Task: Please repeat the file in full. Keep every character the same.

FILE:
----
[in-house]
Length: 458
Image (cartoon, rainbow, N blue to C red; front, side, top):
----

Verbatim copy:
[in-house]
Length: 458
Image (cartoon, rainbow, N blue to C red; front, side, top):